The Kali River or Kalinadi (Kannada: ಕಾಳಿ ನದಿ) is a river flowing through Karwar, Uttara Kannada district of Karnataka state in India. The river rises near Diggi, a small village in Uttar Kannada district. The river is the lifeline to some 4 lakh people in the Uttara Kannada district and supports the livelihoods of tens of thousands of people including fishermen on the coast of Karwar. There are many dams built across this river for the generation of electricity. One of the important dams build across Kali river is the Supa Dam at Ganeshgudi. The river runs 184 kilometers before joining Arabian Sea.
Significant and pictureseque, the Sadashivgad fort is now a popular tourist destination located by the coastal highway Kali river bridge, which has been built above the confluence of the river and the Arabian Sea.
The National Highway NH-17 continues on the Kali Bridge built over Kali River and the road continues to split the Sadashivgad granite rock hill to connect Karnataka to Goa.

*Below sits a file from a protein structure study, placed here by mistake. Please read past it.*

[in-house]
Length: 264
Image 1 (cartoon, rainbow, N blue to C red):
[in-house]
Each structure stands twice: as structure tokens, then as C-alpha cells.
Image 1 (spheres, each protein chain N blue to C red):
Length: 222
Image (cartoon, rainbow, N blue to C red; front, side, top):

Untreated effluents released directly into the river by industrial units and illegal sand mining in the Supa Dam area resulted in serious disturbances to the river's ecology. The government strategy for controlling the pollution from illegal sand mining has produced a cleaner river. The releases from a papermill have drawn crocodiles to the Anshi Dandeli Tiger Reserve. Chemical and petroleum companies near its estuary have been leaking toxic wastes, including mercury, into the Kali River for decades.
^The former village of Supa, which gave its name to the dam and the taluka, was drowned when the reservoir was created. For its location see Belgaum (topographic map, 1:250,000), series U502, sheet ND 43-02, United States Army Map Service, May 1960